Los Lunas amends ordinance regarding nepotism and vacations


The village of Los Lunas is reworking portions of its employee policy ordinance regarding nepotism, college-tuition reimbursement and vacation time.

A preliminary draft was reviewed by councilors at its meeting Thursday, and a copy will be posted on the village website before a public hearing is held.

In chapter six on nepotism, "relationships by consanguinity" are defined between parent, child, grandparent, grandchild, brother, sister, uncle, aunt, nephew, niece or first cousin. Relationships by affinity include husband, wife, step-parent, step-child, in-laws, half brothers and sisters, as well as cohabiting partners.

The rule stipulates that no person shall be hired, promoted or directly supervised by an employee that is related within the third degree of consanguinity or affinity to the employee, but employees already in that position or those who become related after their initial hire will be allowed to continue employment as long as it doesn't adversely affect work performance.

"Employees already holding a position as of the effective date of this ordinance shall be allowed to continue in his/her position without regard to existing nepotism, and employees who become related within the third degree after initial hire may continue employment in his/her position without regard to existing nepotism so long as it does not create an adverse impact on work performance," the ordinance reads.

Third degree is defined as third generation relative such as great-grandparent or great-grandchild.

The mayor has hiring authority and any new hires must be approved by the council, said Christine Nardi, village human resources director.

Ultimately, the objective in any hiring situation is to hire the most qualified applicant, Nardi said.

Reimbursement for college tuition has been spelled out at length. It was previously only one sentence long.

"It's much more detailed," said Nardi. "I've had so many questions regarding tuition reimbursement. Mostly it came up as a budget question. We're tightening our belts and being much more accountable."

Only full-time village employees with at least six months on the job and no longer on probation are eligible. They must apply for reimbursement before enrolling in a course, and the line of study must pertain to the work they do for the village.

The request has to be approved by the department director and reviewed by the human resource manager.

The village will only reimburse tuition to a nationally or regionally accredited institutions in amounts up to rates the University of New Mexico charges for its hourly credit, and the employee's attendance can't interfere with job responsibilities. Approval is also based on budget considerations and can be denied.

The way reimbursement works is the employee pays out-of-pocket for their courses and when they successfully complete them, earning the credit or certificate, the village will reimburse them.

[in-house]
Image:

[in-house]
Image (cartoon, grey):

However, the employee must sign an understanding that if they resign or are terminated within a year of receiving reimbursement, they must repay the reimbursement they received and the village can withhold money from their last paycheck for repayment.

"Everything is per budget season and advanced approval prior to the June preliminary budget," Nardi said. "July 1 begins the new fiscal year."

In Chapter 10 regarding vacation time and holidays, the village has set limits on leave accrual.

Accumulated vacation time can be a budget liability, especially if more than one employee retires or resigns the same year, said Nardi.

"The village pays out the remaining vacation time and the payroll taxes for it, too," she said.

Employees with 10 or more years can now only accrue 272 hours annually. Any hours more than that will be dropped at the start of the new year.

Staff with six to 10 years of employment will lose anything more than 260 annual hours, and those with a year to six years on the job will lose any hours above 248.

In other business, the council:

• Approved a memorandum of agreement with Los Lunas Schools that commits the village to budget $35,000 for the operation and maintenance expenses of the high school pool. The pool is open to the public during the summer months.

• Approved a contract with engineers Parsons Brinckerhoff to develop a management plan for historic Route 66, which runs along Main Street from Don Pasqual to N.M. 47. The village will finance the contract with a $20,000 grant from federal Scenic Byways funding administered through the state. The plan will identify resources and how to revitalize Rt. 66 to benefit the village and tourism.

At the Jan. 16 meeting, the council:

• Approved a liquor license transfer from Becker Street Pub to Marisco's Alta Mar restaurant on Sun Ranch Loop in Los Lunas, and a beer and wine license for El Rancho de Valencia on Main Street. Both license applications received preliminary approval from the state alcohol and gaming division.

• Approved a re-plat of a two-acre parcel of land owned by Huning Ranch Partnership located behind Los Cerritos shopping center. The property was set aside for a drainage pond, but the Lowe's franchise had its own master drainage plan. The re-plat, along with a zone atlas amendment were approved to allow Huning Ranch Partnership to split the property and use half as a drainage pond, while preparing the other for sale.

• Appointed David Crawford to the Planning and Zoning Commission for a four-year term. Crawford volunteered to fill the vacancy when Phillip Jaramillo resigned.

-- Email the author at dfox@news-bulletin.com.